The Rotary Perforating Machine
There are two varieties of perforating machines. The stroke machine which makes punches a row or rows of perforations all at once (see previous Past Note on Henry Archer). The rotary perforating machine has two wheels which turn on two shafts. One wheel has pins and the other has matching holes which make rows of holes as paper passes between the wheels.
The first patent involving the rotary principle was submitted on December 11, 1854, and sealed (issued) on June 8, 1855. The patent was awarded to William Bemrose, Jr. and Henry Howe Bemrose of Derby in England. They found little market for their product in England or on the Continent. The first use was by the American firm of Toppan, Carpenter, & Co. in Philadelphia in 1857. The Bemrose rotary perforating machine was used to perforate the the 1857 series of U.S. stamps (Scott 18 to 39). The machine was well received and became the standard method used by North American security printers.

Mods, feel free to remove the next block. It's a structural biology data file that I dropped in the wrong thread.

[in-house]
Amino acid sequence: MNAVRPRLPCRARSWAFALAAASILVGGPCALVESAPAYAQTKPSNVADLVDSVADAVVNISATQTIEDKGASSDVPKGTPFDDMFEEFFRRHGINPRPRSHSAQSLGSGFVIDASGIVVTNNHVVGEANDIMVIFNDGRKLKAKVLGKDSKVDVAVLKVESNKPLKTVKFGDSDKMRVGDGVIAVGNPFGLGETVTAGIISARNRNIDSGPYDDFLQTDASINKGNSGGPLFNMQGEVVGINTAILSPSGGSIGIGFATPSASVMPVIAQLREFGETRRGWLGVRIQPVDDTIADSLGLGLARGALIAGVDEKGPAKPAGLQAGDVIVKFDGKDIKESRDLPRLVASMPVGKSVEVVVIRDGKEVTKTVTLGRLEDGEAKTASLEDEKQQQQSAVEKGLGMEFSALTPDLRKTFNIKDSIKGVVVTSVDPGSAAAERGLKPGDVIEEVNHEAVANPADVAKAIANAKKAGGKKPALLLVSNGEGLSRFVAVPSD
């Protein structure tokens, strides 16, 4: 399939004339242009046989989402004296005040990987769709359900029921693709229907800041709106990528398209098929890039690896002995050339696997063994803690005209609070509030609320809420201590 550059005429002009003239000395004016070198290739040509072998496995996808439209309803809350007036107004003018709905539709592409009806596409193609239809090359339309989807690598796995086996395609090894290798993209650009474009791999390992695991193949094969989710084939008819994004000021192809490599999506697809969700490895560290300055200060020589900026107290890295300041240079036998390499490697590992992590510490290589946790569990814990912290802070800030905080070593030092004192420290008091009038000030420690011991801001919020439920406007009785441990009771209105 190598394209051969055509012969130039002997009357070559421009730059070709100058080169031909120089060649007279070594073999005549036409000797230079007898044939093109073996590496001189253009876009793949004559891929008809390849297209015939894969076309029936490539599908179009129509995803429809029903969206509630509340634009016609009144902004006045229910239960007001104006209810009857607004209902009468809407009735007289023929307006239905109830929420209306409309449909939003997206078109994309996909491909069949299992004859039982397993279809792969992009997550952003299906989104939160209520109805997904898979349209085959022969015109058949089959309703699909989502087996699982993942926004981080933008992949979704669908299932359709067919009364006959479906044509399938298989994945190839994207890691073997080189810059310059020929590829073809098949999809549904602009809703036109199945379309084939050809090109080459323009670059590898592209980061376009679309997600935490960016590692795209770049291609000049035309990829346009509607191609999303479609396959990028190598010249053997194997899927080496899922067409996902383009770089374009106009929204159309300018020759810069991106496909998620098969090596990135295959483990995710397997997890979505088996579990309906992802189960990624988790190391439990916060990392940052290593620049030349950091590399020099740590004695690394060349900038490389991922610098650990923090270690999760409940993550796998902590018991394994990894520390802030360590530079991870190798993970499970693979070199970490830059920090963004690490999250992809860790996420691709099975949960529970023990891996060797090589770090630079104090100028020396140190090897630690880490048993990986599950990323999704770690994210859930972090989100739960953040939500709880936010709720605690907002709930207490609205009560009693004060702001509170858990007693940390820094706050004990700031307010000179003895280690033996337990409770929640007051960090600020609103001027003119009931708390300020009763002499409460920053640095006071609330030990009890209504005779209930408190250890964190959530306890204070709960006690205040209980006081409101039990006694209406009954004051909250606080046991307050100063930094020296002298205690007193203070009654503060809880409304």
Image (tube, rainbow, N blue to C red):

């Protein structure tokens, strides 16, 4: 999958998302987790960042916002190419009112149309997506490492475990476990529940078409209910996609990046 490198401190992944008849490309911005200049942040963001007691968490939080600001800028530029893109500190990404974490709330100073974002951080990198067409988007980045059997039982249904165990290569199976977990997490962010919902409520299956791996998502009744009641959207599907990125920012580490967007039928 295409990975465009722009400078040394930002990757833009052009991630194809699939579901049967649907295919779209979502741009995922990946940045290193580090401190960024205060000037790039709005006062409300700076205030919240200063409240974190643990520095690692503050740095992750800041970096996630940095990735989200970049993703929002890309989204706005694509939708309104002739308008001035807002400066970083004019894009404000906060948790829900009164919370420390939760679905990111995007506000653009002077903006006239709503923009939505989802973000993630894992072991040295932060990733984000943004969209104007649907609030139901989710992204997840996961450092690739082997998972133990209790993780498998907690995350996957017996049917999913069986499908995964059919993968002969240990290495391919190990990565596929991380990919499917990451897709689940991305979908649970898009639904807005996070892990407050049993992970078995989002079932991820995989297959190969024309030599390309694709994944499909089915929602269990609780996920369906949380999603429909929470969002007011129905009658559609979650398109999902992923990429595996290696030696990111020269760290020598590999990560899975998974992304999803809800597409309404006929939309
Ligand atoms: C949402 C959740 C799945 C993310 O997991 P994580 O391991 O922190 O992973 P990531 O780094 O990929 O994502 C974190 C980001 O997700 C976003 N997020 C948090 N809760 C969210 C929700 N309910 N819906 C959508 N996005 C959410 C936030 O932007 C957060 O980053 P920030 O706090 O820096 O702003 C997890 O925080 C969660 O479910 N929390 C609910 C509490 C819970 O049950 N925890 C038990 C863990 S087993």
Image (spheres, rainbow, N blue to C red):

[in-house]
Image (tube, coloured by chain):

Posted May 6, 2000
Editor's Note: The complete story may be found in Early American Perforating Machines and Perforations 1857-1867, Winthrop S. Boggs, The Collector's Club 1954.
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